It's a jungle warfare course unique in the nation and it's hidden in central Oahu

WAHIAWA, OAHU (HawaiiNewsNow) - Hidden in central Oahu is a military range run by the Army's 25th Infantry Division. The focus: Teaching soldiers jungle warfare.

"A lot of the training we provide is realistic and is applicable in the event that they ever have to find themselves operating in a jungle environment," said staff Sgt. Michael Johnson, an instructor who teaches soldiers a skill-set the Army once valued then abandoned.

Lightning Academy Commander Capt. Matthew Jones said since the United States has been militarily involved in the Middle East, "we kind of lost our fundamentals and our knowledge about how to fight in a jungle."

But since 2013, the military has pivoted back to jungle training.

The 25th Infantry Division's Jungle Operations Training Course is the only one of its kind on U.S. soil.

Soldiers learn to traverse mountainous terrain, and slog through streams.

"Not only is the enemy a threat, the environment's a threat, too," Johnson said.

To maneuver through the jungle, soldiers learn to overcome obstacles. The mobility training includes rappelling down cliffs, including a 75-foot drop.

"Not only are they learning a valuable skill of being able to rappel, they also get a little confidence boost that eliminates that fear of heights," Johnson said.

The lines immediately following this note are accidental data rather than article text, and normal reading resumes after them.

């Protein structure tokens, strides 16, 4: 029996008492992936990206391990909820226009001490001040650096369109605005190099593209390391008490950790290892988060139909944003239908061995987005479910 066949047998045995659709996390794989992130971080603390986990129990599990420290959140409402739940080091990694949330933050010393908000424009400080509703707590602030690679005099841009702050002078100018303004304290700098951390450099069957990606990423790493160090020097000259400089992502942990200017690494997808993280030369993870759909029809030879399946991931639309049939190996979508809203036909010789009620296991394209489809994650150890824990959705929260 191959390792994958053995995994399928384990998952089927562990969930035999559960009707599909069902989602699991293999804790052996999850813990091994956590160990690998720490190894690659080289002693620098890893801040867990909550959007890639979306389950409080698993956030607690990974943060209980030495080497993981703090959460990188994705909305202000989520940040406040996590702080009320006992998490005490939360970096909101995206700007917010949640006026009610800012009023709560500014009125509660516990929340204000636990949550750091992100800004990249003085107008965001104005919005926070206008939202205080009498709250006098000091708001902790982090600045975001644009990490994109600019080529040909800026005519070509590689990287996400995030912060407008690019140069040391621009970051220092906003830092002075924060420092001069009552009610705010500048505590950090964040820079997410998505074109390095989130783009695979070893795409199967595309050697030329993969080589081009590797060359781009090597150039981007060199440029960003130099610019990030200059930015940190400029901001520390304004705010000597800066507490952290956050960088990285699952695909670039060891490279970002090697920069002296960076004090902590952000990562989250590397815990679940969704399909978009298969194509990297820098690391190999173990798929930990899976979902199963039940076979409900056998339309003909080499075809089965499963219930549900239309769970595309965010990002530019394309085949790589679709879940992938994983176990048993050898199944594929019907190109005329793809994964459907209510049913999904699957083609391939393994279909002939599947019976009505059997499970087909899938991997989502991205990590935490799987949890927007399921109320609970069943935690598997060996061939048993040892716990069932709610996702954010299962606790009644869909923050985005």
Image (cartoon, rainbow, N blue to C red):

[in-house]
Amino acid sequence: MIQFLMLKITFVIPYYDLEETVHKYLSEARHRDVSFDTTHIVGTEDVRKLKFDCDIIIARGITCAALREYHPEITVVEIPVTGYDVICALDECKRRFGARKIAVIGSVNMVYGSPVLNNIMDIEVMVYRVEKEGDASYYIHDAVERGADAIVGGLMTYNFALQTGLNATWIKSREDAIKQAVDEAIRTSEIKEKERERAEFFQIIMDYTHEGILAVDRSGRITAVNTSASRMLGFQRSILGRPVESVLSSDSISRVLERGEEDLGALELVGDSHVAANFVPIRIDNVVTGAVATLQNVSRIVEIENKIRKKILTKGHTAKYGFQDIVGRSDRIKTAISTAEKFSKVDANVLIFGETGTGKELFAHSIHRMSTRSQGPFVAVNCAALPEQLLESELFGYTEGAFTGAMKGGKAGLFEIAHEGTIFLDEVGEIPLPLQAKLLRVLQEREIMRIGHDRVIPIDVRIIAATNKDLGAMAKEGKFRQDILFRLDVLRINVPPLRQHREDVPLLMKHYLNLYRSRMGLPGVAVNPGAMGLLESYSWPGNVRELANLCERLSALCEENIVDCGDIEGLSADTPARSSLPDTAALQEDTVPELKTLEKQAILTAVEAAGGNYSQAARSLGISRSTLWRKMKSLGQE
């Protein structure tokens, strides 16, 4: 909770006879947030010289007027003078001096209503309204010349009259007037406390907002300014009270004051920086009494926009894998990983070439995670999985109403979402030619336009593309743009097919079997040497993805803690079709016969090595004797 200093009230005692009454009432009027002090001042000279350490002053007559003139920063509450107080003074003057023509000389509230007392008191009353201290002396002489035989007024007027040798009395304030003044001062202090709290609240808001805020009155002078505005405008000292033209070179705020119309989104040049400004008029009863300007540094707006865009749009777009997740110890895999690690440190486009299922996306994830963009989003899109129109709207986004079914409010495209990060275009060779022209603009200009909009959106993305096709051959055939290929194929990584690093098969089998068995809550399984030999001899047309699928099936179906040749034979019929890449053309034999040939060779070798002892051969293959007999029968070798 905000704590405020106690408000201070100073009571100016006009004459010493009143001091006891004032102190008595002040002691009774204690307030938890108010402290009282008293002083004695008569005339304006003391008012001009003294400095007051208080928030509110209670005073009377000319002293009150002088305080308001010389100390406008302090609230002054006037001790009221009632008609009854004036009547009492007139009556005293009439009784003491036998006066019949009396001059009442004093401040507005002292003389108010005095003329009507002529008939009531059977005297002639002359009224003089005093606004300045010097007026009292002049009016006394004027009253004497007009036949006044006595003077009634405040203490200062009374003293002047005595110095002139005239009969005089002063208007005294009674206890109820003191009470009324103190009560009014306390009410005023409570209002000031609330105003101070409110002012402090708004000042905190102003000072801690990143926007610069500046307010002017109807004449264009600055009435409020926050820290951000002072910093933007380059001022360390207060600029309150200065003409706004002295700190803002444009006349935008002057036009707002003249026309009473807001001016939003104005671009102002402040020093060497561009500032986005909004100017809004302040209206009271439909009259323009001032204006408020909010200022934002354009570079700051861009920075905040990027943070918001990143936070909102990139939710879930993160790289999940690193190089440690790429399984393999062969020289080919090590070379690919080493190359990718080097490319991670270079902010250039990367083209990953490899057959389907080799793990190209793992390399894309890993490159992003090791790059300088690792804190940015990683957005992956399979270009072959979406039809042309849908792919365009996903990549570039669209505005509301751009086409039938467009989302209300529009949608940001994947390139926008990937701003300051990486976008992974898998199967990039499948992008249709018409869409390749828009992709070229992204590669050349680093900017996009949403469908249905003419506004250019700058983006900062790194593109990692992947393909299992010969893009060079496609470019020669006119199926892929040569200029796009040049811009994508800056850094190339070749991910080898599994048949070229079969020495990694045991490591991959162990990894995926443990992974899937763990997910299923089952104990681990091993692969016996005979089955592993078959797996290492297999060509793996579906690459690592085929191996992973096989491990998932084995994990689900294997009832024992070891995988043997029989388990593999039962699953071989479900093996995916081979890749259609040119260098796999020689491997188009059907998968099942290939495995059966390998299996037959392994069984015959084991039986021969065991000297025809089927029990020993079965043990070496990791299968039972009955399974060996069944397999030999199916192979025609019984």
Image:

Water training forces participants to cross rivers over ropes or on packs and ponchos fashioned into flotation devices.

There's a combat course, too, and soldiers also learn basic survival skills, like trapping food, purifying water, and starting a fire.

Instructors incorporate techniques learned at jungle training sites in France and Brazil.

"Part of our mission is to serve as the U.S. Army's premier Pacific training venue," Jones said.

The soldiers who enroll are mostly from the 25th Infantry Division, but members of other military branches and instructors from jungle schools in other parts of the world have gone through the three-week training, which is no walk in the park.

"There's surprise at how hard it is," Jones said.

For now, jungle training is voluntary and participants either pass or fail.

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